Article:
As with many items of enduring quality, the Whaler is a New England product. It is built in a nondescript, modern Easter-egg-pink factory in Rockland, Mass., some dozen miles removed from the sea. There is no sign, either large or small, on or near the building proclaiming that the Fisher-Pierce Company makes Boston Whalers inside. For all the passing public knows, the pink plant could contain an assembly line of lawn sprinklers or a colony of Trappist monks.
Like the Whaler itself, the Yankee austerity of its manufacture is a reflection of Richard T. Fisher, president and chief worrier of the Fisher-Pierce Company. In an age distinguished by verbose hucksterism, Fisher talks only when he has something to say, which is occasionally a good deal. He often starts his phone talks, "Since it's my dime, I'll give you my ideas, then I'd like to have yours."
In 1958, when he first put his boat on the market, Fisher, in order to publicize its unsinkability, sawed a Whaler in half and let the occupants of the two halves go their separate ways. Taken by this, a Whaler purchaser wired the company, "Just received delivery of my Whaler. How come no saw?" Fisher simply wired back, "The saw is extra."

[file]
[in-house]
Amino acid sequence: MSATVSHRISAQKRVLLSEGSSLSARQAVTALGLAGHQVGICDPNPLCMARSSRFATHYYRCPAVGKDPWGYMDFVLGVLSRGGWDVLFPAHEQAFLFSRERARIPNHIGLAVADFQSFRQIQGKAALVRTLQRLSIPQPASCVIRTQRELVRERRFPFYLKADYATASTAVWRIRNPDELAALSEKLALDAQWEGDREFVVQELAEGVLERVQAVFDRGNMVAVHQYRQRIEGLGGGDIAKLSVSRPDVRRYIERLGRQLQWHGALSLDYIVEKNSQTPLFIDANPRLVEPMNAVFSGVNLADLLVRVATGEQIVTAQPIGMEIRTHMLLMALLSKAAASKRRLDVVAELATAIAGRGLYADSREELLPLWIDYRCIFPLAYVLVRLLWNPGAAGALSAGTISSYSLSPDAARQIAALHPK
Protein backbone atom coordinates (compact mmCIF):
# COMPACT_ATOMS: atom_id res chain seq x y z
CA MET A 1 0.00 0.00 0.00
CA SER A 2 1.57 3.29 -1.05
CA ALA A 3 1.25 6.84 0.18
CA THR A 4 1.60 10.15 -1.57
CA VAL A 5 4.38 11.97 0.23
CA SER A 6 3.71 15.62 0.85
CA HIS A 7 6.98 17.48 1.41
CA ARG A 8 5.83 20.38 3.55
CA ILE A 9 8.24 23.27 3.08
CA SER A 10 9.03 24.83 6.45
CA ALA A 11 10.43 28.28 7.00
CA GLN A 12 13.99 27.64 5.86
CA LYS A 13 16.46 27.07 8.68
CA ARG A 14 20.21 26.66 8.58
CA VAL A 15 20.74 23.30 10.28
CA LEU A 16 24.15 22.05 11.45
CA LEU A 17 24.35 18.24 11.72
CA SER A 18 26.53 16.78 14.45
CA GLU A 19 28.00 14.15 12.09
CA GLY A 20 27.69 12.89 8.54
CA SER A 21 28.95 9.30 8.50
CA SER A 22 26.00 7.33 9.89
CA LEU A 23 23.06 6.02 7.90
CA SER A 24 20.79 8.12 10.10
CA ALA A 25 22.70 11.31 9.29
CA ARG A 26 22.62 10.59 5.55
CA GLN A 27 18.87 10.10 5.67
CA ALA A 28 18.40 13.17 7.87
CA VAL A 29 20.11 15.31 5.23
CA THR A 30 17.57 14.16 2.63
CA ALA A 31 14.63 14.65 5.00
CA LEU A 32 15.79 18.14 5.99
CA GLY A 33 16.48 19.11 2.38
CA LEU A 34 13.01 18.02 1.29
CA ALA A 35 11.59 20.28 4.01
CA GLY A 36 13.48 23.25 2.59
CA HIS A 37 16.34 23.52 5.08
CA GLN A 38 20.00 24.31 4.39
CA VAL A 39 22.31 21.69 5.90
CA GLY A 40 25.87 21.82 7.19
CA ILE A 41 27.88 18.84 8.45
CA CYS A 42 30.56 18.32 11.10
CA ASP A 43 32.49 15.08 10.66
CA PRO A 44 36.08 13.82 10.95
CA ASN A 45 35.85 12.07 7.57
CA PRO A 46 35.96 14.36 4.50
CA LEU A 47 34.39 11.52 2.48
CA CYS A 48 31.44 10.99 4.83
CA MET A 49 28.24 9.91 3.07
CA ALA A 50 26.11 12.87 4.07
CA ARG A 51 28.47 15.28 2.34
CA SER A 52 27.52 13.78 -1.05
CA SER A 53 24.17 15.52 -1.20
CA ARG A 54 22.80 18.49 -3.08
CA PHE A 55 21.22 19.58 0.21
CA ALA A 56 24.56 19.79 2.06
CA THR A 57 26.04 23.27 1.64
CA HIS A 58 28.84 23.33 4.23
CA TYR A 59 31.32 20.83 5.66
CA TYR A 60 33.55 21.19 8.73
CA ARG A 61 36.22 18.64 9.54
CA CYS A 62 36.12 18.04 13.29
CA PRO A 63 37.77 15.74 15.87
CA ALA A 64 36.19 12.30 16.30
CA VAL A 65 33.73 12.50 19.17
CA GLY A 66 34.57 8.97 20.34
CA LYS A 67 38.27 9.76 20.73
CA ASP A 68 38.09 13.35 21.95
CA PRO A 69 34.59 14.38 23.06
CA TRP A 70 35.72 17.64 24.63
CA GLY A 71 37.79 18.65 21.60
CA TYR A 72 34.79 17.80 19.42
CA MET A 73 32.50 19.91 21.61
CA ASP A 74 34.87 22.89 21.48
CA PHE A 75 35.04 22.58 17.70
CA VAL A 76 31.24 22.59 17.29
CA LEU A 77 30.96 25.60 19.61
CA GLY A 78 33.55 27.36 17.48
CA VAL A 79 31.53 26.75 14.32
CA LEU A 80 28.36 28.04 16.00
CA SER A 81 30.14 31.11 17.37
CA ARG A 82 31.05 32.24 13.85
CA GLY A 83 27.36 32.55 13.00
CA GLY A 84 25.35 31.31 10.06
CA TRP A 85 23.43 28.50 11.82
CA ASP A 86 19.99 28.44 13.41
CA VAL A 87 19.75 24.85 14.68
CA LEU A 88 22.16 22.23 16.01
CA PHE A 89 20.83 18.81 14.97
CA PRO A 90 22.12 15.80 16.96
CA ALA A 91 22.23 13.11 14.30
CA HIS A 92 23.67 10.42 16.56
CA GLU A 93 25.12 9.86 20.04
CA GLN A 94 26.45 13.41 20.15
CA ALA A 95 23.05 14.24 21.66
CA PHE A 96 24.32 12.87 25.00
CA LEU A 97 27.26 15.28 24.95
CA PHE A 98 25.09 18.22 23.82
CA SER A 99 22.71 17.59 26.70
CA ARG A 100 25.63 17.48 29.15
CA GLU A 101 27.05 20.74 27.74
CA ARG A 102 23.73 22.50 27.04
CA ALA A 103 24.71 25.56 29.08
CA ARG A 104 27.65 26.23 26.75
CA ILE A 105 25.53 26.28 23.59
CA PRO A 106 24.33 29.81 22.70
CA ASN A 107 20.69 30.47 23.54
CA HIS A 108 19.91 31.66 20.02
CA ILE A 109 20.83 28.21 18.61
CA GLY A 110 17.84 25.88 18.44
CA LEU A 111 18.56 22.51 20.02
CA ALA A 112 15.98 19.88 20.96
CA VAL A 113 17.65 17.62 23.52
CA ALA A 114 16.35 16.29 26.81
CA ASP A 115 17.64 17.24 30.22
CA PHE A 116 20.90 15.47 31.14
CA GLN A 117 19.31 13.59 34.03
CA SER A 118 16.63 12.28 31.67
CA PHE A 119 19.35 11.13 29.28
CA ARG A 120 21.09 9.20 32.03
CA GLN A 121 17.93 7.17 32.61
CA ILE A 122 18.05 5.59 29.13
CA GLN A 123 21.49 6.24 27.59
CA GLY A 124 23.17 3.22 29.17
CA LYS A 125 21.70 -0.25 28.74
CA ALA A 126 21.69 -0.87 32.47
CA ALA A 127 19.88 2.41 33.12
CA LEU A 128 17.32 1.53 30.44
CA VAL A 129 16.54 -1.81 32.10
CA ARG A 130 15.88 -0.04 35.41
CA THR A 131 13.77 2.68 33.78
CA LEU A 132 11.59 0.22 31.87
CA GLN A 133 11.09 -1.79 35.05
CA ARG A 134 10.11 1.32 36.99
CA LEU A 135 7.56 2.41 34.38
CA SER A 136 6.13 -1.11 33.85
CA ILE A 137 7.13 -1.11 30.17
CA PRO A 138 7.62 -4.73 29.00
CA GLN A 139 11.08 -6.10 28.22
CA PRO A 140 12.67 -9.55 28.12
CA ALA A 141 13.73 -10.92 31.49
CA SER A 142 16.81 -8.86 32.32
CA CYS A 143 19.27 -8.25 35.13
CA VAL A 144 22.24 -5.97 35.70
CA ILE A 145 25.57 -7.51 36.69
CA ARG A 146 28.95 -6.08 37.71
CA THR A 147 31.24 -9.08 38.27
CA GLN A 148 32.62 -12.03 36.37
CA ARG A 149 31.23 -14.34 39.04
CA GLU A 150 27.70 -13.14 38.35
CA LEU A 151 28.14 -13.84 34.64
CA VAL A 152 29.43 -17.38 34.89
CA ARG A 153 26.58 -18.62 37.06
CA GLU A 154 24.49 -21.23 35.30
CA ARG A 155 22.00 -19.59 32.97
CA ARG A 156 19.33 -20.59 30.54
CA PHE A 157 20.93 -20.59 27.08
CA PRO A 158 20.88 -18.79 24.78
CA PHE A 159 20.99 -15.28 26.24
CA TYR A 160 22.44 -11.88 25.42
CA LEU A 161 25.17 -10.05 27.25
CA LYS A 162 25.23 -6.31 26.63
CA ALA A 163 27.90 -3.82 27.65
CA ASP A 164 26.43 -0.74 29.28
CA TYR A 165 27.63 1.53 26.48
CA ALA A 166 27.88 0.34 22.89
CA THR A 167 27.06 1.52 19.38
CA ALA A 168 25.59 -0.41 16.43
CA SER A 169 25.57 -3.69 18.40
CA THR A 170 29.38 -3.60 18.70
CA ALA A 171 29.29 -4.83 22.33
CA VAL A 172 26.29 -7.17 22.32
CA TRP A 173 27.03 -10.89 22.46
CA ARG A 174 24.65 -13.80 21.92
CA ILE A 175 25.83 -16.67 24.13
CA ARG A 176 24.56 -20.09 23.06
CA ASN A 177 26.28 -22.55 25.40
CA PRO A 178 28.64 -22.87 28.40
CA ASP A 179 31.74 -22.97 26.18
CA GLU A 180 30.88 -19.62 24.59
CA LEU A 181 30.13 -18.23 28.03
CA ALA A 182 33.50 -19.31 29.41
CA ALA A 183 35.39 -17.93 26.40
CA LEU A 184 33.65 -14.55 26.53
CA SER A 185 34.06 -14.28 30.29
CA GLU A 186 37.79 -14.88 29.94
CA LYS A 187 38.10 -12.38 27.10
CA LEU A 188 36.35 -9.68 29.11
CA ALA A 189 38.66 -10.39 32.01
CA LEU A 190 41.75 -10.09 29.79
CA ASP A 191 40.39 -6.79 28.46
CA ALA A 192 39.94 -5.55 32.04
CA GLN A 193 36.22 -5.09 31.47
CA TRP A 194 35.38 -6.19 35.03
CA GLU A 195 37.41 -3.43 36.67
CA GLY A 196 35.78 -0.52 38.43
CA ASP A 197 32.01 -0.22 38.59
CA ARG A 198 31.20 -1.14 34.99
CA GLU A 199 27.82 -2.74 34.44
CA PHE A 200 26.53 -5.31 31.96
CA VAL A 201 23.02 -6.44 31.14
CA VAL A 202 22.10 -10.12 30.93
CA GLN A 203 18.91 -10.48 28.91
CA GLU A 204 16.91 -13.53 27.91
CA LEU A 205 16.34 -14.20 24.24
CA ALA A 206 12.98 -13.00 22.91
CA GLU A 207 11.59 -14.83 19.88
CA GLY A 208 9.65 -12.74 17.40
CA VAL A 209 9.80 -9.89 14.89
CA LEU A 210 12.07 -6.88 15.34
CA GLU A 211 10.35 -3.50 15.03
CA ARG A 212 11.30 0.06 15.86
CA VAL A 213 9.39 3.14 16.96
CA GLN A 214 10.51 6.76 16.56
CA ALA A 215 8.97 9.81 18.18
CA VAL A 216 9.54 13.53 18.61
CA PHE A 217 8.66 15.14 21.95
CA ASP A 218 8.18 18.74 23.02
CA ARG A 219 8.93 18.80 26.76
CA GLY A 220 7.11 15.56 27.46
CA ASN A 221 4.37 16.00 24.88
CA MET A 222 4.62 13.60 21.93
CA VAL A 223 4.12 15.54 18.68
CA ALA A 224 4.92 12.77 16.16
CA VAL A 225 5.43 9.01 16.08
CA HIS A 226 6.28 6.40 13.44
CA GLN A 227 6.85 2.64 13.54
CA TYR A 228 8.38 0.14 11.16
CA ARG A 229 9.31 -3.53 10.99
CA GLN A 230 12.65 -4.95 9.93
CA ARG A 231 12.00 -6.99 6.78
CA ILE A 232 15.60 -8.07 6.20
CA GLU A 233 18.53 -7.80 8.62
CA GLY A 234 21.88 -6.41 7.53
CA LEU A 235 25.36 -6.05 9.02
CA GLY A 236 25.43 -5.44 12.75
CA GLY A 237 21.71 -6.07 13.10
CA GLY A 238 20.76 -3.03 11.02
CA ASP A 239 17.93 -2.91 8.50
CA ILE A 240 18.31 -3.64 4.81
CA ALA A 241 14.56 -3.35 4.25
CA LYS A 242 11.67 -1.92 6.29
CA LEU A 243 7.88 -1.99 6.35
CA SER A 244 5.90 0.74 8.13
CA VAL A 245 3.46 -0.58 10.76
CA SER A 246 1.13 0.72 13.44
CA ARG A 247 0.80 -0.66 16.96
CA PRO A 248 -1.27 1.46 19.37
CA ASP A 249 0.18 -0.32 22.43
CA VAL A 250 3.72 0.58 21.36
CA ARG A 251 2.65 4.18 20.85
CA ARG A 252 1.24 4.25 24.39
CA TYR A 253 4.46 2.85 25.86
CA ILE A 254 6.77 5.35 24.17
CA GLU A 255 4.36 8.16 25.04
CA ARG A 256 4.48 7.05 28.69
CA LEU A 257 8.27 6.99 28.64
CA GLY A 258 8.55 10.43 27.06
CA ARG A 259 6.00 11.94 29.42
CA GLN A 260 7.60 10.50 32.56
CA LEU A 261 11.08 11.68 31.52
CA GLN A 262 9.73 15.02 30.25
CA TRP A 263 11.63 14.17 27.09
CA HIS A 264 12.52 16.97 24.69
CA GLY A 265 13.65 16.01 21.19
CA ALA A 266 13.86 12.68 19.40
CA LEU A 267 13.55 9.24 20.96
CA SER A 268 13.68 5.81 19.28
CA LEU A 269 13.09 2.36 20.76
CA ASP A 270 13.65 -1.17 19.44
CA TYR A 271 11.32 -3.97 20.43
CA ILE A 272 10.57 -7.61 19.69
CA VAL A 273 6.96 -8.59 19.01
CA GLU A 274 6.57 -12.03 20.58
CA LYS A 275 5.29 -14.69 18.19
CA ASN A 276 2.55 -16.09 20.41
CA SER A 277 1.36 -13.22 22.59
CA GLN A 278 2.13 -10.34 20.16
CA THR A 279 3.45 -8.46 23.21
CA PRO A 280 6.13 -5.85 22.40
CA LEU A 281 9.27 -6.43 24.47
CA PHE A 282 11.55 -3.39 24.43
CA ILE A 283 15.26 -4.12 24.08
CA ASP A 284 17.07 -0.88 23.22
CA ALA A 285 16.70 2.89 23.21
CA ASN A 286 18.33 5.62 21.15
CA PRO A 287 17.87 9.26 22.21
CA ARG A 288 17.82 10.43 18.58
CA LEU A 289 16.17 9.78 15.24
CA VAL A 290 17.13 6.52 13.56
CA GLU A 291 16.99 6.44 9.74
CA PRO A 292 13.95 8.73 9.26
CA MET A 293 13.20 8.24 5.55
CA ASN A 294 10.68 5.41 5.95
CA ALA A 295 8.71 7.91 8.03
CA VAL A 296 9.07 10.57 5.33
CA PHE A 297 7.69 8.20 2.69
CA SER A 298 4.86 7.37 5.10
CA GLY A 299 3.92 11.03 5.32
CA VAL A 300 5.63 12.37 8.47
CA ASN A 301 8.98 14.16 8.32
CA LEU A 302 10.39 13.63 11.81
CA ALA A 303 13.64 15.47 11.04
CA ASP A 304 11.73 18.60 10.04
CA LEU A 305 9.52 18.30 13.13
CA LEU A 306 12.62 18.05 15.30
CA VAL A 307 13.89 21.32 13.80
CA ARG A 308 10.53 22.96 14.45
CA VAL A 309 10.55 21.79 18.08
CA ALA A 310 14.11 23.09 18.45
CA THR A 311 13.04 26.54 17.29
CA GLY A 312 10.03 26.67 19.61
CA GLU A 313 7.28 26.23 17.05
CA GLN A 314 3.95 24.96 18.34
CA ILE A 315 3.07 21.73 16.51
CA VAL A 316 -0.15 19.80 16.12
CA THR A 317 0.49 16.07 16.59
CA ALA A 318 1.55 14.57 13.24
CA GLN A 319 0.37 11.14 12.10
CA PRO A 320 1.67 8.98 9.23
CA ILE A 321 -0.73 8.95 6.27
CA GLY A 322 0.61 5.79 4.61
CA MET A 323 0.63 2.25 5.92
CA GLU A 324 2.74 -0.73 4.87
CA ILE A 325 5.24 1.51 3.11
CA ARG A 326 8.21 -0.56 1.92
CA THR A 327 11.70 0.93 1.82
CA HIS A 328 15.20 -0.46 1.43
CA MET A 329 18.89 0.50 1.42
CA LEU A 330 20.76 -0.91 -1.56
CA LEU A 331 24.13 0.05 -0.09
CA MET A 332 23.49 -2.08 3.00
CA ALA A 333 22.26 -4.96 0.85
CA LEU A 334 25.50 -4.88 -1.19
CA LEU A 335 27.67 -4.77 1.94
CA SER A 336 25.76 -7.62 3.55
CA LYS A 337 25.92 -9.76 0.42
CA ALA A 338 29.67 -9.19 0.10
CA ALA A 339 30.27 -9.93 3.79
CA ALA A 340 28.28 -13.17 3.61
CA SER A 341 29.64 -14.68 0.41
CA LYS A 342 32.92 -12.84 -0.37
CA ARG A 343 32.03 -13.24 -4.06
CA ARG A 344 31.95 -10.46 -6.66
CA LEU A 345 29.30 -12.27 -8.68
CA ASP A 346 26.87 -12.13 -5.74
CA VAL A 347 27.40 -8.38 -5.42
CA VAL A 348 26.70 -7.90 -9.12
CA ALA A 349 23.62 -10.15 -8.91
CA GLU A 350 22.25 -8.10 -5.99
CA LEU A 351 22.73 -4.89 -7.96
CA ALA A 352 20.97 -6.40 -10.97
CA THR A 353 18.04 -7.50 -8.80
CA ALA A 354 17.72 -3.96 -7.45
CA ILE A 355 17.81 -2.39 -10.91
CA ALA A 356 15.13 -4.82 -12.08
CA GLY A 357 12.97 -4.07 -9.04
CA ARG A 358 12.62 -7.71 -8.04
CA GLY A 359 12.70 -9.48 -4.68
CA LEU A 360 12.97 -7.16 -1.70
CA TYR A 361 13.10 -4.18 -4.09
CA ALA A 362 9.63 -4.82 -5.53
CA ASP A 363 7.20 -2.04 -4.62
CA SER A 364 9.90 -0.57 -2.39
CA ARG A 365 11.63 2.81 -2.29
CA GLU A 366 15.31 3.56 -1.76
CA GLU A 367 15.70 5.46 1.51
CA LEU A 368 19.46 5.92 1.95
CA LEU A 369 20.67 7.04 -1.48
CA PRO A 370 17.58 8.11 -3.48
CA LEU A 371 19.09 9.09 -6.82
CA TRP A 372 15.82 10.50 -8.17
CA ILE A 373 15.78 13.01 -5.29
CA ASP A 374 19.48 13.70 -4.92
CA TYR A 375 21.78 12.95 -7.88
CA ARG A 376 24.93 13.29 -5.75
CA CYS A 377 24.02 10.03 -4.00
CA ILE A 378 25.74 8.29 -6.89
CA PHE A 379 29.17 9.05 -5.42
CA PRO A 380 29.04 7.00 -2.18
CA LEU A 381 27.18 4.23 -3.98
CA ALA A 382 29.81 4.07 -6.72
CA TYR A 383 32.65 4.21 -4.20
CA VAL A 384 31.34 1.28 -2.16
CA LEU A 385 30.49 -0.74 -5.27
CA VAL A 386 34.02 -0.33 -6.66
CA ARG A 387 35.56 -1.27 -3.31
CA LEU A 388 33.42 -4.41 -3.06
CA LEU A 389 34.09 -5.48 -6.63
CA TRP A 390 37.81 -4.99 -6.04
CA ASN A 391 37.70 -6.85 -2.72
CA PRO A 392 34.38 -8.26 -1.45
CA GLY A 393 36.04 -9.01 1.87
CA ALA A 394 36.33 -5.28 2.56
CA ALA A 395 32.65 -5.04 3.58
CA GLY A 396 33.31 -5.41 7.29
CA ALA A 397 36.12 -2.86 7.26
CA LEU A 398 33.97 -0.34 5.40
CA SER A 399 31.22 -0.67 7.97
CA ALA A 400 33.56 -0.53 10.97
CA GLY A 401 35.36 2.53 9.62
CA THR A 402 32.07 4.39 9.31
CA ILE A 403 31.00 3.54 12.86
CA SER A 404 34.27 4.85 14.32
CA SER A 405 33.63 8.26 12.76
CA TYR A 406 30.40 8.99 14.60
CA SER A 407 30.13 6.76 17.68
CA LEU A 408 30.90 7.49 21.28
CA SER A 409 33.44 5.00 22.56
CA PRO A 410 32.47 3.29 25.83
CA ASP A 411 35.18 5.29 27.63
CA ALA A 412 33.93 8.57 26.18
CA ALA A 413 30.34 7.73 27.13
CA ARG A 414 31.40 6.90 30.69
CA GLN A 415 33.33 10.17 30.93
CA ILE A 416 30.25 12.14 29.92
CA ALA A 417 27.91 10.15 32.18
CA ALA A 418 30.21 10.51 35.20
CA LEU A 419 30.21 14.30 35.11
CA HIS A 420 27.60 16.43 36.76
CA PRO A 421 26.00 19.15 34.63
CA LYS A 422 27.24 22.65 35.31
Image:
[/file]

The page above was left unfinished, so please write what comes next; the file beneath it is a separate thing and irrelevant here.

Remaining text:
Without saw, the basic 13-foot 3-inch Whaler costs $595, and for this the buyer gets a hull fitted with bare necessities: one bow eye, three cleats, two seats, a forward locker and internal wiring for running lights. The money buys a small boat that may not be the absolute best for any particular sporting use but does better than most by all. Because of its low freeboard it rates high with divers, water skiers and swimmers, who can flop in and out of it. A Whaler provides ample room for a fisherman to wield just about every weapon in his armory, and the consequent mess and odor of fish and bait are readily washed away; the Whaler rides so high that with three persons aboard the plug can be pulled and all the unpleasant juices of a successful catch flushed down the drain. Dogs are partial to Whalers; the boat is so stable that a restless dog can prowl the length and breadth of it with utter assurance, getting a good nosehold on every new smell that the air has to offer. Picnickers, yachtsmen, duck hunters, even an occasional commuter all find Whalers useful.